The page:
It shouldn’t be an issue in all honesty, but it is. The tie shouldn’t be alive, but it is. The thought shouldn’t enter Liverpool heads, but it will.
What if? What if?
Is there a supporter who wouldn’t have taken that scenario back in August? Unlikely. Yet as the dust settled on Liverpool’s 5-2 win at Anfield in their semi-final first leg last week, there it was; the fear, the worry.
Roma’s two late goals on Merseyside, gifted to them by a defensive error and a generous referee, give the Italians a glimmer where there should have been none. Liverpool had a foot-and-nine-tenths in the final at 81 minutes last Tuesday, now it’s just a foot, maybe more. A very good situation, as opposed to a perfect one.
History is in the Reds’ favour. Only three teams have turned around a three-goal deficit in a Champions League knock-out tie, after all.
The trouble is, one of those sides is Roma. And they did it last month.
The Giallarossi’s quarter-final comeback against Barcelona is the reason a good number of Liverpool fans are approaching Wednesday night’s game with scepticism. If Eusebio Di Francesco’s side can upset the odds against Lionel Messi, Luis Suarez and co, then nobody should be able to relax.
Roma lost 4-1 at Camp Nou in the first leg of their quarter-final but, amid incredible scenes at the Stadio Olimpico, won 3-0 in the second leg – a result which stunned Europe. When Jurgen Klopp, still celebrating his own side’s win at Manchester City on the same night, was told of the news, he thought it was a wind-up.
It wasn’t, though many Roma fans had to pinch themselves to believe it. Their side performed heroically in the face of adversity, and slayed the giants, the unbeaten La Liga champions. It was, as one Spanish paper put it, “a historic humiliation” for Barca. Liverpool, you have been warned.
Roma’s home form in the Champions League is excellent. In fact, Di Francesco’s men are yet to concede at the Stadio Olimpico in Europe this season, and they’ve faced Chelsea, Atletico Madrid and Shakhtar Donetsk, as well as Barcelona.
In the quarter-final, they were rewarded for an aggressive, high-energy pressing game, to which Barcelona’s superstars had no answer. Their team selection was daring – three at the back and two main strikers – and their approach paid dividends. Edin Dzeko scored early, and Roma simply overpowered their opponents thereafter.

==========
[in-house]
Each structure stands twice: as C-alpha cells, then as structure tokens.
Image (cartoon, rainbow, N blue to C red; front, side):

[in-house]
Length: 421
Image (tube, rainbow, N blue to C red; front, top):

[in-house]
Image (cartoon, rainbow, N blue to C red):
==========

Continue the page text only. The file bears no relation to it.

Whether a similar approach will work against Liverpool, however, is debatable. Roma tried to be bold at Anfield last week, and used their three-man defence again - much to the surprise of many, including Klopp.
But where Barcelona’s approach relies on possession, build-up and, to a large extent, the genius of Messi, Liverpool’s pace makes opening the game up a very dangerous tactic indeed. Bravery is one thing, foolishness another.
Roma actually started the game well on Merseyside, their press forcing the Reds to look longer than they would ideally like to and their industry providing joy through their wing-backs, Alessandro Florenzi and Aleksandar Kolarov. But once Liverpool settled and figured the game out, the gaps were clear to see. Juan Jesus, the left-sided centre back, was left brutally exposed against Mohamed Salah, while Kevin Strootman and Daniele De Rossi had the legs run off them by James Milner, Jordan Henderson and Gini Wijnaldum. Liverpool scored five, but could have had twice as many. It is their sloppiness, rather than anything Roma did, which means the tie is not dead and buried.
With Roma needing to score at least three times on Wednesday, the expectation is that they will come out all guns blazing, seeking a repeat of their quarter-final. With Di Francesco's side enjoying the backing of a pumped-up home support, Klopp knows his team will need to be 'on it' from the word go.
They certainly weren’t at the Etihad in their own quarter-final second leg. Again, they arrived into that game protecting a three-goal lead, but were behind inside two minutes as a fired-up Manchester City started like a train. On another night, and with different officials, Liverpool’s advantage could have been wiped out by half time – though the Reds’ resilience and their second-half performance on the night was hugely impressive.
Klopp is not a manager known for taking backwards steps, even when the stakes are high. Remember the semi-final of 2013 between his Borussia Dortmund side and Jose Mourinho’s Real Madrid? Dortmund won 4-1 in Germany in the first leg, and then chose to attack over in Spain. They should have scored at least twice to kill the tie during a madcap first half, but ended up clinging on for dear life as Madrid scored twice late on. You get drama with a Klopp side, whatever the occasion.
Liverpool fans will hope Wednesday is an exception to the rule. There would be no complaints from the travelling Kop should the game turn into the most boring of European stalemates, a throwback to the Gerard Houllier or Rafa Benitez era. Their side’s job is clear; to stay compact, to remain solid, to keep the crowd as quiet as possible and, they hope, to let Salah and co do their business when the chance presents itself – which it surely will, given the evidence of the first leg.
Then, and only then, can thoughts turn to Kiev.